John C. Maxwell is an internationally recognized leadership expert, speaker, coach, and author who has sold over 19 million books. Dr. Maxwell founded EQUIP in 1996. Every year he speaks to Fortune 500 companies. Maxwell has written three well-known books which have each sold more than one million copies: The 21 Irrefutable Laws of Leadership, Developing the Leader Within You, and The 21 Indispensable Qualities of a Leader. Large parts of his key messages in Everyone Communicates, Few Connect lean on common grounds, principles found elsewhere. It’s in the repetition and practice where the true value of the bullet lists, tips and hints are to be found.
Nothing new on the importance of tone of voice and body language over the message itself. No ground-breaking insights on the concept of truly connecting to people, not sending messages. Whether you’re a speaker, leader, preacher, manager or wannabe communicator, there’s lot to learn in this book. Maxwell is eager enough to stay close to his principles and shares from his own experiences. To stay humble, free from fear, open to others: it sounds so easy, yet so difficult in daily life. Take “Do I see what you see?” instead of “Do you see what I see?” as a simple example. Can your audience really trust you, be confident that you’re about to help and care? Do you talk to, not above people? People are longing for conversations not debates.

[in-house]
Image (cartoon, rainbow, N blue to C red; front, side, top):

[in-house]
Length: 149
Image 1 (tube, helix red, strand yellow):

Forget your agenda, if you get 30 minutes instead of 1 hour, deliver your pizza speech instead of the full meal version. Great example is Maxwell’s 1 sentence speech on leadership. And though the author frequently quotes from fellow Christian authors and preachers like Andy Stanley and Rick Warren, there’s plenty of room left for non-believers to connect to the book’s core message as well. However, don’t expect any concrete help except for the bunch of sometimes vague principles like “Connecting is the ability to identify with people and relate to them in a way that increases your influence with them.” If you examine the personal examples, they’re about all the great speeches and travels Maxwell did, not that conversation you’re anxious about now or the impression you just left at your last meeting.